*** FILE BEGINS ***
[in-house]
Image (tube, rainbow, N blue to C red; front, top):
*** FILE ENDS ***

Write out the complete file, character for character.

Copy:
[in-house]
Image (tube, rainbow, N blue to C red; front, top):